Last week, we reported that President Obama had lagged behind Bill Clinton and George W. Bush in making presidential appointments. Part of the holdup can be attributed to Republican opposition, but it's also a function of the fact that the president has so many darn spots to fill — more than 1,000. A few of the more obscure ones:
- Utah Reclamation, Mitigation and Conservation Commission: The commission, created in the mid-1990s, is charged with offsetting the environmental impact of various federally funded water projects in Utah. The president appoints five commissioners, according to the Plum Book. By law, all of them must be Utah residents, though they don't require Senate confirmation.
- Morris K. Udall and Stewart L. Udall Foundation: The president appoints the nine trustees of the foundation, which does work on environmental policy. The nominees need to be confirmed by the Senate, but they're considered through a special expedited process set up in 2011.
- Marine Mammal Commission: The president appoints three commissioners, who need to be confirmed by the Senate. The commission helps protect — you guessed it — marine mammals.
- Railroad Retirement Board: The board administers retirement benefits for the nation's railroad workers. The president appoints its three members as well as the board's inspector general, all of whom require Senate confirmation.
- Barry Goldwater Scholarship and Excellence in Education Foundation: The foundation awards scholarships to students intending to pursue careers in math, science and engineering. The president appoints its eight board members, who are considered via the expedited process.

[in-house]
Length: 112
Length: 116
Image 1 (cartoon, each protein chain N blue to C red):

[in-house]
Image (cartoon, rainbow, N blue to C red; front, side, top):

The number of presidentially appointed positions has been climbing for decades. As Congress has created new agencies like the Department of Homeland Security, it has added new presidential appointments, which often required Senate confirmation. But as we reported, dozens of appointed positions at agencies from the Defense Department to the Office of Government Ethics are now sitting unfilled.
Still, many of the more modest of the appointments — like the ones to the Udall Foundation — aren't controversial and don't take up much White House time, said Cal Mackenzie, a Colby College professor of government who has studied the politics surrounding presidential appointments since the 1970s.
There's also a potential upside to having the president appoint board members to minor boards and commissions, said Anne Joseph O'Connell, a law professor at the University of California, Berkeley, who has studied presidential appointments. The positions are often part-time and don't pay much. But if appointees get a call from the White House, O'Connell said, they might be more willing to serve.